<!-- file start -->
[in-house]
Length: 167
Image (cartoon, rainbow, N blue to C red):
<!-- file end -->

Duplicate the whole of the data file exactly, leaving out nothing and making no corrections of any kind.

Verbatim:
[in-house]
Length: 167
Image (cartoon, rainbow, N blue to C red):